Amaechi would not remain in the party with the President. He joined the APC after the New PDP morphed and grew out of the PDP. That, historians will note, as the beginning of Jonathan’s fall. Some of Amaechi’s kinsmen would not forgive him for humiliating their son. He might have sinned. He might have been inept. He might have been sly and vicious. He was their son. You have to serve your sentiment even if it is inscrutably stupid. That was how the violence of Rivers State moved from rhetoric and emotional fracture to blood and death. His victory over the Governors Forum machinations by Jonathan and his PDP kingpins scarred the landscape further.
The first sign that the matter was bound to violence was with the appointment of Mbu Mbu as police commissioner. In a recent interview, the former CP said he had not met Jonathan or first lady and Amaechi prejudged him and that led to strains in relations. He must think he was speaking to fools. If he did not know them, did that account for his wanton acts of irresponsibility, his contempt for the rule of law? We were all witnesses to these. If Amaechi prejudged him, was that excuse to prove Amaechi right? President Obama, in response to not bombing Syria after a threat, has said, “bombing because you promised to bomb is not a good reason to bomb.” Decency reveals character.
Not long after, the hoodlums paraded the streets of Port Harcourt in an extravagant display of brawn, arms and intimidation. They were backed by the federal might. The army and police with which Amaechi flushed them out had new masters. Amaechi was now bait. Since then violence gradually took over the city and state. It festooned in the 2015 elections where brawn took over law. The Supreme Court gave judicial armoury to bloodletting by privileging technicality over realism in law in Wike verdict. Go thou now; kill and maim and destroy, implied the verdict. It was fulfilled in the recent polls.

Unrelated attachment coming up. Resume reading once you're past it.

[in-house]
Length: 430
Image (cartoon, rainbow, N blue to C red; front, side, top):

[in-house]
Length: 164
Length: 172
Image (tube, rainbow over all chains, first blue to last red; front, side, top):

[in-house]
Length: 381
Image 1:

The Buhari administration did not learn from this history. The Bayelsa poll was a signal. Violence determined who won. The President also said he was not going to be involved. No one wants the President to be partisan. But if violence succeeded in crippling and determining the outcome of the proceedings, the blame lies with the commander-in-chief. We know that some soldiers and police see elections in cynical terms to compromise peace in lieu of filthy bribes. The same discipline that has made the Boko Haram fight succeed should apply to elections. Bad security eggs, bad elections.
It is damnable enough that Amaechi and Wike have to see it as their fights for supremacy. It is more damnable that the security infrastructure made this possible. If the centre was able to paralyse any privatisation of security infrastructure, Amaechi and Wike would have looked on as the citizens cast their votes without fear. The signs leading to the polls were clear. Soldiers killed, APC chairman beheaded. Violence begets violence. The umpire – part INEC, part Federal Government – failed and gave in to anarchy. If Amaechi brought peace because of federal-state cooperation, peace failed this time because of lack of it.
This shows that we do not understand the value of history. We have become a historical society. Our students no longer study history at every level. Our media and political leaders don’t either. A novel, A History of Violence by Paul Wagner, also adapted into film, tells how ignorance of the past wrecked a family. What is even worse is the absence of what philosophers like Hegel and Nietzsche have called “historical consciousness.”
Apart from history as discipline, some United States universities now study historical consciousness as a course. It interrogates how societies interpret major events and incidents to shape attitudes to similar contemporary affairs. In Nigeria, for instance, our interpretation of Biafran uproar today will be probed by such a study.
We are not there yet. Hence the Rivers imbroglio seems intractable.